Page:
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Conscience Regulation Unconscionable March 1, 2009

Posted by Dwight Furrow in Current Events, Dwight Furrow's Posts, Ethics.
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On Friday, Obama rescinded a last minute Bush Administration rule which gave legal protection to health workers who do not want to perform or assist with abortions, sterilizations, or other procedures they find morally objectionable. Dubbed the “provider conscience regulation”, the rule was breath-takingly broad in scope. Opponents argued that it would void state laws that require insurance plans to cover contraceptives and require hospitals to offer emergency contraception to rape victims; and would allow drugstore employees to refuse to fill prescriptions for contraceptives.

Should health-care workers be forced to perform tasks for which they have moral objections?

The most troubling consequence of allowing health-care workers (including pharmacists) to refuse to treat patients on moral grounds is that in rural areas of the country patients often have very limited options. If the sole pharmacist in your small town refuses to provide contraceptives, you will be out of luck.

In most situations, there are informal ways of handling moral objections. In most cases, I imagine hospital administrators and other supervisors will arrange to have abortions performed only by surgeons with no moral objections to the procedure. By contrast, it is likely that in conservative rural areas health-care providers would come under enormous pressure from local churches and opponents of abortion to stop providing abortions, contraceptives and information on reproductive rights. Again, the victims of the policy would have no recourse.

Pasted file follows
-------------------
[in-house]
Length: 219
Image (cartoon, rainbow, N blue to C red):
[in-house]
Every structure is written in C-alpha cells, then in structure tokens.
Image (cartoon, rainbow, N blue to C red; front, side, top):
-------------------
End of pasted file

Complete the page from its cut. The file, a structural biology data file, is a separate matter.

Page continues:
Carried to its logical conclusion, a general conscience exception for workers would lead to all sorts of absurdities. Should vegetarian truck drivers be able to refuse to deliver meat products to the supermarket? Should employees of pharmaceutical companies be legally permitted to refuse to work on the production line when drugs they oppose are being manufactured?

But beyond the empirical issues, there is an important conceptual issue at stake. Professionals have a duty to the people they serve. In most professional relationships—especially the doctor/patient relationship—there is a power asymmetry. The patient goes to the doctor for help and the doctor uses her authority to persuade the patient to take care of her health issue. Patients tend to believe what doctors say; their words have authority.

If a doctor tells a women (especially a very young woman) seeking an abortion that she would be committing murder, the patient is being coerced by the doctor to believe it. Refusing to perform an abortion may be an act of conscience, but encouraging a patient not to have one (assuming the procedure would be medically justified) is an attempt at coercive persuasion as well. The professional duty of a physician is to give medical advice, not moral advice.

Doctors must take up the needs of their patients, and up to a point this means subordinating their own values to that end. If they cannot do that, they belong in another line of work.




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